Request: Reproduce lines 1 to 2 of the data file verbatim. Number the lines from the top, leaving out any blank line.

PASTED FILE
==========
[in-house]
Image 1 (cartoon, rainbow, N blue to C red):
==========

[in-house]
Image 1 (cartoon, rainbow, N blue to C red):